WordPress - used for hosting CommunityScout web pages
Typeform - used to build the questionnaire and collect answers
Zapier - used to send the data captured via Typeform to Airtable
Airtable - used as a database of all the responses, the calculation for creating recommendations, and email/Slack automation
It was built collaboration with no-code expert, Michael Novotny! He is just an amazing person to work with and brings in valuable product expertise.
What was the launch plan?
The launch plan is segmented into three parts:
Day of the launch
The majority of the work needs to be done during the pre-launch phase and on the day of the launch.
Thoroughly test your product and ensure that everything is working fine.
Prepare your launch materials
Find a popular hunter to hunt your product. Check out this leaderboard to see who can hunt your product.
Schedule your email to reach out to your community. Also, let them know early on that you're going to launch your product. That way they can expect another email notification on D-Day.
Prepare your tweets and other social media posts to let your audiences know about the product launch.
See if you can reach out to certain influencers and gather feedback. That way you seek their support when the product gets hunted.
Ensure that the hunter schedules the product post ahead of time using the materials you provide and adds you as a maker.
Day of the launch
Ensure that your email is sent at the scheduled time to your audiences.
Post the product maker's comment right after the product is hunted.
Promote the product by reaching out to various communities you have joined. Here are some examples of communities where you can engage and get help:
Hunter:Sharath, Head of Community at Threado. He is also a prolific product hunter.
Here are the key stats from the Product Hunt launch:
- 475 Upvotes - 61 comments - Product of the day #5 - 1451 website visitors (August 08-15) - 256 questionnaire submissions(August 08-15)
What was the learning?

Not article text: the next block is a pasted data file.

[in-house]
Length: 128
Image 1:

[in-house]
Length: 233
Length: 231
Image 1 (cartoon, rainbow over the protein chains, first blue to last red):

Based on our experience and research we have compiled a set of dos and don'ts.
Add the Product Hunt badge to your app or website so your customers can directly go back to your Product Hunt listing.
If possible, provide value to the community upfront instead of presenting a black box and demanding an email address
Send an email alerting your audiences about your launch. That way they can create their Product Hunt account ahead of time and engage with the community.
Launch your product after you build a small following. That way you can ask people to engage with your listing and amplify momentum.
Get a top hunter to hunt your product. This increases your chance of getting featured in the top 10.
Blast communication across all channels (email, social media, community outreach, etc.) to give a huge boost to your listing. If you can get top rank early, it will increase the number of upvotes across the day. That's because many people only look at the top listings.
Launch the product at 12:01 AM PST on a weekday. Note that Tuesdays are most competitive because on Tuesdays the Product Hunt community is most active.
Don't ask for upvotes!
Upvotes from brand-new accounts can harm your listing. So, when you reach out to people to get feedback and request them to support you, make sure that people are not creating fresh accounts.
Don't abandon the comments and feedback from the community. Ensure that you reply to all the comments.
Launching side products is a great way for marketing teams to create value and boost brand awareness.
In a world that has amazing no-code tools, it is easier than ever to build simple apps without getting distracted. Also, when your team is small, no-code tools allow marketing teams to launch products without heavily depending on engineering teams. And what's more, communities like Product Hunt are perfect for launching these products and building an audience base.
If you're thinking about launching one, be sure to keep in mind the tips outlined in this article. And who knows? Your side product just might become the next big thing!
Director of Marketing, Bettermode